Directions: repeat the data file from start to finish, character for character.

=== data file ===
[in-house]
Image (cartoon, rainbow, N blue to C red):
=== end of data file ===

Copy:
[in-house]
Image (cartoon, rainbow, N blue to C red):